Given the pervasive (and intractable) conflicts of interest arising from Mr Hamilton’s multiple roles and interests, her Honour ultimately concluded that the proceeding should be permanently stayed (but without prejudice to the right of class members to pursue their claims in a separate (and properly structured) proceeding. Her Honour summarised her conclusions as follows: 

[12] To permit the proceeding to continue in the current form would bring the administration of justice into disrepute. Although Mr Hamilton sought to advance a number of ways in which the proceeding may be managed so as to mitigate the issues identified by the respondents, I am not satisfied that the conflicts inherent in Mr Hamilton’s multi-faceted interests in the proceeding are capable of being appropriately managed. 

[183] I am satisfied that this proceeding should be stayed because it would otherwise bring the administration of justice into disrepute and undermine the integrity of the Court’s processes in relation to representative proceedings. In a representative proceeding, the administration of justice may be brought into disrepute where the manner in which it is conducted principally serves the interests of the representative applicant and the litigation funder and leaves the interests of group members inadequately protected. Such an arrangement is contrary to the scheme of Part IVA of the Act.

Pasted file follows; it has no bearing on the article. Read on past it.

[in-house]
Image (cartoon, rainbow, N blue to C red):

[185] As I have set out above, there is the very real potential for conflicts of interests to arise and influence Mr Hamilton’ [sic] conduct of the proceedings in ways that are to the detriment of Group Members. The conflicts set out above arise from the many and varied roles Mr Hamilton undertakes in and in relation to this proceeding and are not adequately addressed by the LFA, CMP or the undertakings Mr Hamilton has proffered to the Court. Were the conflicts to arise, there are real concerns about how Mr Hamilton would address them in circumstances where he frames his claim as being primary and those of Group Members as being secondary. Even with the best of intentions, the way in which the myriad of conflicts can manifest may be subtle and insidious. The protection of Group Members is not appropriately addressed by Court oversight, particularly in this proceeding where the Court is bereft of an independent solicitor, that is an officer of the Court, acting on record for the representative applicant. I accept that a permanent stay is regarded as a tool of last resort, however, I am satisfied that it is required in this proceeding. 

[Postscript: On 11 October 2023 Mr Hamilton filed an application for leave to appeal from Cheeseman J’s decision.]

Hamilton v Meta Platforms, Inc [2023] FCA 1148 L

Federal Court of Australia, Cheeseman J,
29 September 2023

Applicant’s Solicitors: N/A 
Respondents’ Solicitors: Corrs Chambers Westgarth; Herbert Smith Freehills 
Applicant’s Funder: JPB Liberty Pty Ltd